Vietnam: Australia Day in Saigon

There are few guarantees in life. Death, Taxes and Aussies all over the globe celebrating our favourite day of the year, January 26 – our Australia Day.

When I think of Australia Day, it reminds me of the good times, cricket on the tele (TV), Snags on the Barbie (Sausages on the BBQ) and as we grew up, listening to Triple J play the Hottest 100 Countdown as we party into the night.

But moving overseas has changed a few things. Restricted access to live sport, home treats are ridiculously expensive and impossible to locate, live streaming music with an internet that was reportedly “eaten by sharks” its dam frustrating and nothing is worse than listening to a song that stops and starts.

Celebrating our holiest of holy days has been a staple of the Australian culture ever since the inception of the Australia Day holiday in 1935. However, it wasn’t until 1994 when it was decided that it would in face be a national day of celebration. And didn’t we Australians take advantage of that. In 2012, approximately 171000 Aussies chucked a “Sickie” (that is for the majority of you who are not familiar with Australian lingo, is a term used when you take a day off work without actually having a reason.)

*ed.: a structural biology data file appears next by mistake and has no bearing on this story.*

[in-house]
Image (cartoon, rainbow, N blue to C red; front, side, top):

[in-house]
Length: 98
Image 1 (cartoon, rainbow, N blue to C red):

Here is Saigon we need to be a little more creative in our approach to Australia Day. In most situations living overseas, you do not get your national holiday off (I know, how Un-Australian is that!?) Meat Pies have literally been imported for this special event, giving us a little reminder of what it is like to be home. Sports Bars play Triple J Hottest 100 music countdown over the sound system as we gorge our faces on all-you-can-eat BBQ meats, having conversations about what out favourite childhood Aussie treats were (Wagon Wheels, Golden Roughs, Milky Way, Redskins, Pineapples, Chiko Rolls just to name a few) The Australian Open Tennis is on the big screen with the annual One Day cricket match also being played.

Every now and then, a chant of “Aussie, Aussie, Aussie – Oi Oi Oi would ring out, often after a round of shots supplied after someone has lost a bet. The white collars drop in for the long lunch session and a few cheeky beers while the backpackers are grabbing the cheap beers from the convenience store and people watching from the famous mini chairs on the sidewalk.

It was a great feeling to know that even though I was so far away from what I grew up and felt comfortable with back in Oz, our Expat crew here in HCMC could really band together and make an ordinary day here seem special.

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